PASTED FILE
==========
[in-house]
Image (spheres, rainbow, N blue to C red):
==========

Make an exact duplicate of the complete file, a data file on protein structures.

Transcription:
[in-house]
Image (spheres, rainbow, N blue to C red):